This rule isn’t only taught, but also lived in every generation. Besides the conditions determine the way of each person and they don’t leave any space for alternatives. The transition is a drastic cut and not a process. Breaking out of the traditional transition will do harm to the group and has to be considered a risk. The fertility and ability of conception which start in the puberty are important for the group. From this moment on society has to provide that the youngsters use their power with responsibility an according to the rules of the group. Fertility is said to be a gift from hereafter and the ancestors and ghosts have to decide on it. Therefore the teenagers have to be familiarised with the religion of the group. This process is of great importance for the group and nothing must be left to chance. For this reason the transition from youth into adulthood has been carried out in an institutionalised way, in the form of so-called initiations, strictly ritualized and socially controlled.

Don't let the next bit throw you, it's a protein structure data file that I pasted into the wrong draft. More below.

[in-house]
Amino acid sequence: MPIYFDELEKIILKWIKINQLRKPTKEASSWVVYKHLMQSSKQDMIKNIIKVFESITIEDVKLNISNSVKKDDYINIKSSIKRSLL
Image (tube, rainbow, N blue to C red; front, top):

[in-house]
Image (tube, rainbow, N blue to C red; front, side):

The initiation consists of three phases:
1.taking out of the present condition (isolation)
2.central process of the transition (conversion)
3. entry into the new way of being (reintegration)
major goal of the initiation are:
1.Accompanying support and control of the physical process of becoming mature by responsible representatives of the adults, especially for completing sexual differentiation and for strengthening the fertility and the ability of conception, which means the liquids that are responsible for reproduction.
2.Dramatic explanation of cultural values. The initiates are made realise how important cultural values are in a kind of prismatic condension.
3.Formally celebrated conclusion of the education, public recognition of its success as well as magic- ritual protection of the gained skills and the knowledge for the future under the control of ancestors.
4.Making the initiate realise the tasks and duties of an adult for the survival of society and the responsibility of every individual.